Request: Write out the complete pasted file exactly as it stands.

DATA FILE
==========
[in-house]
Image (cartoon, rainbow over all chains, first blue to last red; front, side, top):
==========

[in-house]
Image (cartoon, rainbow over all chains, first blue to last red; front, side, top):